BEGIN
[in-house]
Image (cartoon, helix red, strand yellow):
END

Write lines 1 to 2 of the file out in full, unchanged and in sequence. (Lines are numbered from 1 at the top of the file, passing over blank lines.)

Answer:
[in-house]
Image (cartoon, helix red, strand yellow):